His medals were issued by the Cheshire Regt, there is no mention in the roll of him being attached to the Manchesters, others on the same page record that they were attached elsewhere. Soldiers Effects also records him as Cheshire Regt.

Another oddity is on the 1914 Star roll, 2/Lt has been crossed out and Captain entered, the Star is usually issued with the persons rank when they first entered theatre.

Offline PhilipG

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Re: 2nd Battalion Officers.
« Reply #9 on: March 29, 2018, 04:18:36 PM »
                              Huntly Warwick Nicholson

The CWGC record this officer as holding the rank of Captain and being buried at Kandahar Farm Cemetery.

The Roll of Honour section of the History of the Cheshire Regiment in the Great War records his rank as Lieutenant.     His name does not appear in any other place within the History.   PhilipG.§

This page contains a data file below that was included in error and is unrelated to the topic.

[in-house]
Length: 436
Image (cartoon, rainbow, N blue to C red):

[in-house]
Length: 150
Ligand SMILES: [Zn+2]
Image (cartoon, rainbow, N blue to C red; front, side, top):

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Re: 2nd Battalion Officers.
« Reply #10 on: March 29, 2018, 07:38:22 PM »

He was promoted on the 15/11/1914 to Captain, two days before he
was killed and this was back dated to August 1914. This would account
for the 1914 star roll being changed.

I have read the 1st Bn Cheshire Regiment War Diaries from August
to December 1914 with no mention of his name, although there is
mention of unnamed Officers.

In the 2nd Bn War Diaries for the 15th of November 1914 it says that.

Lieut H Nicholson joined, this was two days before he died and the day he was promoted to Captain,
so that may account for any misunderstanding. But it shows he was attached to the 2n Bn and was
fighting with them when he died so I'm glad I've added him to my list.
I do have a few Officers that died while attached to the Bn and will be adding them as well :)